Written By: Bill Syken
Rebecca is a modern classic. Since Daphne du Maurier’s gothic romance novel came out in 1938, it has been made into a movie five times—with the most recent version debuting this fall on Netflix, starring Lily James, Armie Hammer, and Kristin Scott Thomas. The story also been adapted for television and turned into a stage play, musical and opera.
The most enduring of all the adaptations may be the first film version in 1940, which won the Academy Award for Best Picture, and whose production was chronicled in LIFE. Joan Fontaine played the story’s nameless narrator, who marries a widower and moves into his grand home, called Manderley. Judith Anderson took on the memorable role of Manderley’s menacing housekeeper Mrs. Danvers, while Laurence Olivier played the widower, Maxim de Winter. The movie was directed by Alfred Hitchcock and, given that Rebecca is set on the coast of Cornwall in southwest England, it is a small irony that the movie was the film that first brought Hitchcock to California.
The story on the making of Rebecca in the Nov. 20, 1939 issue of LIFE bore the headline “England’s best and biggest director goes Hollywood,“ and talked about how Hitchcock, who had made his name with The 39 Steps and The Lady Vanishes, was perfectly suited to adapt the popular novel: “The sadistic cruelty which Mrs. Danvers…manifests toward the second Mrs. de Winter is the sort of thing which brings roses to Mr. Hitchcock’s rather extensive cheeks and induces his most malevolently cherubic expression.”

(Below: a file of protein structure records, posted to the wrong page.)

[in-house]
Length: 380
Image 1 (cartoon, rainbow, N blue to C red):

Rebecca is a kind of haunted house story, and the house itself is central to the book and the movie— “Last night I dreamed I went to Manderley again” is the novel’s opening line. In creating Manderley, author du Maurier was inspired by a Cornwall home called Menabilly, where as a child she used to wander its expansive grounds.
As an adult the successful author did more than wander about Menabilly—she occupied it. In its Sept. 11, 1944 issue LIFE wrote about how du Maurier, after the success of Rebecca, had moved into the house that inspired her writing.
Menabilly had 70 rooms, and when she came to rent it in 1943, the house had been unoccupied for 20 years and had no furniture or electricity. Du Maurier moved in with her husband—then a Lieutenant General in the allied armed forces—and their three children, ages 3 to 11, and they only occupied one wing of the home, using just 11 rooms.
The author moving into a big house that is both laden with meaning and devoid of life sounds like it could the premise for a whole new suspense novel, and even before learning that Menabilly was supposedly haunted by two ghosts—a cavalier and a lady in blue. But, LIFE reported, “the children were happily undisturbed by the threat of spooks and Miss du Maurier is thoroughly contented in her real counterpart of unhappy Manderley.”
Enjoy these photos of Daphne du Maurier, the making of the movie Rebecca, and her moving into the home that inspired Manderley.